Aftersun: At a fading vacation resort in the late 1990s, 11-year-old Sophie (Frankie Corio) treasures rare time together with her loving and idealistic father, Calum (BAFTA winner Paul Mescal, Normal People). As a world of adolescence creeps into view, beyond her eye Calum struggles under the weight of life outside of fatherhood.
Twenty years later, Sophie’s tender recollections of their last holiday become a powerful and heartrending portrait of their relationship, as she tries to reconcile the father she knew with the man she didn’t.
(Source: Aftersun Official Marketing Assets)
For clarity’s sake, I will be referencing specific scenes from the film based on their numbered designation in the screenplay. You can access it by clicking the image.
The film ‘Aftersun’ by Charlotte Wells is a standout surprise in this year’s cinema landscape. Its director, whose short films already showcase her formidable storytelling skills and interests, has masterfully condensed a daughter’s reunion with her father’s memory in an exceptional way. In this post, we will delve into one of the most intriguing aspects of the film and screenplay – the protagonist’s perspective.
Adult Sophie’s POV
The film starts at a pivotal moment in Sophie’s life. She is turning 31 (scene 107), which was her father’s age was when they took their last holiday in Turkey. By revisiting her memories of through a DV camera, Sophie is able to understand him, move forward in her life (now as a mother), and reconcile with herself. This is exemplified by the film’s powerful final scene (scenes 122-130), set to the music of ‘Under Pressure’ by David Bowie and Queen.
Once we see the film a second time, we are occupying the place or the gaze of the Adult Sophie as we re-encounter those moments that we didn’t understand in the first viewing (certain attitudes, lines of dialogue, and emotions). In short, the film’s point of view is that of an adult Sophie, who is looking back on her memories with a new level of understanding and perspective.
Adult Sophie was the overarching perspective in the film and beneath that, you have other perspectives: you have Sophie’s direct point of view, almost images that are the basis of memories; and then, you have Calum alone, which are imaginings to some degree where we kept him more arm’s length, we shot those [scenes] further away, he was usually abstracted or obstructed from view.— Charlotte Wells, Writer-director
Sophie’s Picture of Her Father
Not only should we focus on Sophie’s perspective in scenes where she appears. The scenes in which she does not appear, mainly the ones where Calum is alone, are her imagination. In these scenes, the film often portrays Calum with his back to the camera, or from a distance, giving us a sense that we are looking at him through Sophie’s eyes.
For example, in the screenplay, Calum stands on the balcony railing (scene 86) or swims deep into the sea until he disappears entirely enveloped by darkness (scene 55). Moreover, scenes that are not captured through the DV Cam footage are instead “depicted” through Sophie’s ‘little mind camera,’ as she refers to it when her father disconnects the DV Cam from the TV in scene 77.
In scenes 62 and 63, the camera takes Sophie’s perspective completely. It turns around as she lies on the bed and looks towards her father at the bathroom. When asked by Calum, Sophie says: “I feel a bit down or something.” and explains how she feels. That feeling is shared by her father but he hides from her (hence why he disappears from Sophie’s view). His depression causes him not to even look in the mirror and spit at his own reflection.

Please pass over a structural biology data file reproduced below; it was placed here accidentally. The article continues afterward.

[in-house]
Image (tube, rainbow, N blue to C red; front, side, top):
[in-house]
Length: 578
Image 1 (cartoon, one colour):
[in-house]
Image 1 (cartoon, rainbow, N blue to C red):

The Power of Memory in Aftersun
The central theme of the film is memory, and the film makes several notable points about this theme. As the audience, we are transported to the world of Sophie’s memories. Firstly, this is reinforced by the film’s use of the digital video camera, which sometimes fractures the images (pixelated and grainy) and sounds of the past.
Secondly, many of the script descriptions are stationary shots while we hear them (pre-lap or post-lap) or ambient sounds. For example, the shots of the amphitheatre and the photo being revealed while they have dinner (scene 121), are static. They reinforce the film’s theme of memory. Also, they emphasize adult Sophie’s POV as she recalls these moments. These small moments are how our memory works when it comes to remembering moments from our past.
The film’s central narrative of reconnecting with a father figure is reinforced by two subplots. These are the subplot with the older teenagers and the subplot with Michael. They play a significant role in Sophie’s journey to maturity. Also, several objects in the film reveal this theme:
- The adult books Sophie finds at the reception
- The all-inclusive wristband
- The cocktail stirrer shaped like a naked woman
- The scene in which she tidies the room
That scene (76) is particularly significant. Even Wells fought to keep it in the film as it is a turning point in Sophie’s growth.
An important object in the film is the carpet that Calum ends up buying in Turkey (scene 75). It also appears in the present-day New York, under Sophie’s bed when she wakes up on her birthday (scene 107). Calum refers to it as a “collectible” (scene 68), a valuable item that goes beyond its cost. Undoubtedly, it holds a sentimental value in the father-daughter relationship given the father’s tragic end. Another relevant object is the postcard that Calum writes to Sophie (scene 138).
Aftersun Ending: film as resolution
‘Aftersun’ joins other films that find resolution through the medium of film itself. Without the digital video camera, there would be no story. It is through the camera that an adult Sophie is able to reconnect and reconcile with Calum.